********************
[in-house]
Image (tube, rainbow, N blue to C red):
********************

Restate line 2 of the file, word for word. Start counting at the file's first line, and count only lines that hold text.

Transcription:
Image (tube, rainbow, N blue to C red):